Complex Nature of Fatigue In Connection With Traumatic Brain Injury

When it comes to deaths and disabilities related to injuries, traumatic brain injury, or TBI, still holds the number one spot, and in a lot of these cases, fatigue has been reported to be a major side effect. Everybody has dealt with fatigue during the day at some point or another, but chronic fatigue cannot be cured by a good night’s rest, and will continue to plague and heavily impact the victim’s life regardless of how much rest they get each night.

The Difficulty of Getting a Diagnosis

When a person is severely fatigued as the result of a brain injury, the cause usually lies in the neural connections which are no longer capable of sending messages to other parts of the body. The aftermath of this can be seen in the functions of the body and mind. Injury Lawyer in Oakville knows that whether it is physical, psychological, or mental, there are procedures to test the levels of ability for each of these functions.

However, it should be noted that chronic fatigue syndrome cannot just be caused by brain injury, but also be a side effect of depression, respiratory problems, pain, anemia, medication, stress, or sedentary lifestyle. And while some of these can be ruled out through simple testing, there is still no clear cut way of proving whether brain injury is the culprit behind someone’s fatigue.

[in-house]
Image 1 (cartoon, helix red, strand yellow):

The Difference between Primary and Secondary Fatigue

Primary fatigue refers to the fatigue directly caused by the loss of function which resulted from the sustained brain injury, whereas secondary fatigue refers to the fatigue resulting from other side effects stemming from the brain injury, such as stress or discomfort. Regardless of which type of fatigue someone is experiencing in the aftermath of their brain injury, the impact it has on their life can be physically, emotionally, or mentally, and is to be taken serious. It is important to consult with a medical care professional to understand more about the diagnosis and treatment before the claim is filed.

Mental Fatigue

Even the simplest of mental tasks can be draining for a person who has suffered a traumatic brain injury. Keeping focus for even short periods of time can already lead to headaches, hypersensitivity to light and sound, and increased irritability, which forces them to retreat to solitude in order to give their brain time to recuperate. While this will already severely impact the life of anyone regardless of profession, a person with a job that requires extensive cognitive ability and thinking will most likely be forced into quitting or at least cutting back on their hours, if possible.

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